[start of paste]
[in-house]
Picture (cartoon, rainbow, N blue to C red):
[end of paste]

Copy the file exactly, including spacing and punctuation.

[in-house]
Picture (cartoon, rainbow, N blue to C red):